The bottom line is that the commercial sector is building in the Internet the very solution DoD needs for our C4ISR needs. Certainly DoD has special requirements (for example, security) that can’t now be fully satisfied by Internet technologies, but remember that "better is the enemy of good enough." My thesis is that DoD should leverage the enormous advancements and economies the Internet offers us by simply going with the flow and not chasing the last 10 percent of our requirements so hard that we fail to satisfy the mainline 90 percent of our requirements which can be easily, quickly, simply and inexpensively satisfied by the Internet revolution.
Disruptive technologies1. Semiconductor technology
carrier « enterprise 2. Optical-transmission breakthrough technology (WDM)
3. Wireless capacity
I’ll discuss three technological trends and three market trends that
combined are key drivers to the IP revolution and clearly point towards
the next generation of networks. These are indeed technologies and market
trends that disrupt past solutions.
The first disruptive technology (see list at left) is the well-known "Moore’s Law," which describes the relentless advancement of semiconductor technology – which drives price/performance improvements of roughly double the speed for the same price every 18 months. This "law" has been around for many years. (Haven’t we all bought five or six personal computers trying to keep up?) So what’s new here? Simple – semiconductor advancements are now being applied to communications products and changing price/performance ratios for different technologies.
The next disruptive technology is literally a breakthrough technology called wave-division multiplexing and now dense WDM. The simple idea here is that instead of sending a single optical signal down an optical fiber, we now send multiple frequencies or lambdas ("colors") down each optical fiber and ramp up the comm bandwidth of each lambda. As a result, the capacity of a single optical fiber is doubling every 12 months or less – even faster than semiconductor technology (see following figure).
Some companies view the combination of IP with DWDM as a winning hand. DWDM promises to ultimately deliver virtually unlimited bandwidth in the carrier networks. Today it’s literally the case that faster DWDM technology is sitting on the vendor’s shelves waiting for demand to arrive that will justify deployment.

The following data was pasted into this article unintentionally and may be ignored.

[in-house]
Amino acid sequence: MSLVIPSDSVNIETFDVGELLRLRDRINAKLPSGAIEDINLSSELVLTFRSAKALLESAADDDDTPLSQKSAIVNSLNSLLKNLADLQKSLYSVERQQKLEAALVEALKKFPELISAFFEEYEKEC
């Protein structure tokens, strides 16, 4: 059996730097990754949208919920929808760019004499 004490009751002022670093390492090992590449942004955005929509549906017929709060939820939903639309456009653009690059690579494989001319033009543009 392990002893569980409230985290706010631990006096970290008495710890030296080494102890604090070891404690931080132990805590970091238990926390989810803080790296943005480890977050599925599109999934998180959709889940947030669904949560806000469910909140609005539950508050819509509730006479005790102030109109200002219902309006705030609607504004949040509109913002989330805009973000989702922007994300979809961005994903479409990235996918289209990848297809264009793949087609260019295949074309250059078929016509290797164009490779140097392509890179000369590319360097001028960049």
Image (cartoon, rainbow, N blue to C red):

To complete the disruptive technology list, wireless capacity is doubling about every nine months in a given volume of air. Intelligent antennas, advanced signal processors and adaptive receivers are the biggest drivers of these advancements. Wireless is becoming the preferred access technology for narrowband usage in developing countries because they lack the proper infrastructure to start with.
1. Worldwide web
2. GbE and switching routers (layer ¾
Result: Ethernet holds 98 percent of LAN
market as of 1999; backbone campus/LAN solution=GbE and L3/4 switches
1. Worldwide web
2. GbE and switching routers (layer ¾ switches)
Result: Ethernet holds 98 percent of LAN market as of 1999; backbone campus/LAN solution=GbE and L3/4 switches3. Converged networks
we shift to disruptive trends affecting our industry (see list at left). First is the
worldwide web’s development and growth using Mosaic and later Netscape
Navigator, and now Internet Explorer and other web browsers. The web is
changing our traffic flow from predominantly horizontal on the campus or
installation to predominately vertical, with attendant design
ramifications. Here’s the engine driving IP traffic’s growth. This is